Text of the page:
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In United States politics, a ranking member is the second-most senior member of a congressional or state legislative committee from the majority party. Another usage refers to the most senior member of a congressional or state legislative committee from the minority party. This second usage, often used by the media, should properly be referred to as the ranking minority member. On many committees the ranking minority member, along with the chairman, serve as ex officio members of all of the committee's subcommittees.
When party control of a legislative chamber changes, a committee's ranking minority member is likely, though not assured, to become the next chairman of the committee, and vice versa.
Congressional usage 
Four Senate committees refer to the ranking minority member as Vice Chairman. The following committees follow the Chairman/Vice Chairman structure for the majority and minority parties.
- Senate Committee on Appropriations
- Senate Committee on Indian Affairs
- Senate Select Committee on Ethics
- Senate Select Committee on Intelligence
Other Senate committees refer to the ranking minority members as Ranking Member.
The House of Representatives does not use the term vice chairman for the ranking minority member, though some committees do have a vice chairman position, usually assigned to a senior member of the majority party other than the chairman. House committees that follow this structure are:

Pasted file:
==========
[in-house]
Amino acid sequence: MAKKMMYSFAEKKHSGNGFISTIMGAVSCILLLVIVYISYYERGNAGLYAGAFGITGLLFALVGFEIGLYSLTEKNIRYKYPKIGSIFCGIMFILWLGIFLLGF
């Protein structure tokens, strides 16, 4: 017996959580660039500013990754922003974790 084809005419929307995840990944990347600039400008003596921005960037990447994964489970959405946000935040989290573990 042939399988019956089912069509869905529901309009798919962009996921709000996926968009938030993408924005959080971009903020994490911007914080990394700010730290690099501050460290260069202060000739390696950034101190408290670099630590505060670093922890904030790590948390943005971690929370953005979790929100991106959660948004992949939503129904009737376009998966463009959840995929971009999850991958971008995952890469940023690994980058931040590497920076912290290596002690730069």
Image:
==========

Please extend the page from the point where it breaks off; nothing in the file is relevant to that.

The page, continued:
- House Committee on Agriculture
- House Committee on Appropriations
- House Committee on the Budget
- House Committee on Education and the Workforce
- House Committee on Energy and Commerce
- House Committee on Financial Services
- House Committee on Government Reform
- House Committee on Foreign Affairs
- House Committee on Resources
- House Committee on Veterans' Affairs
- House Permanent Select Committee on Intelligence (subcommittees only)
Joint Committees of the House and Senate operate in much the same way, with a chairman and vice chairman from the majority party, alternating between a member of the House and a member of the Senate, and often two ranking members from both bodies.
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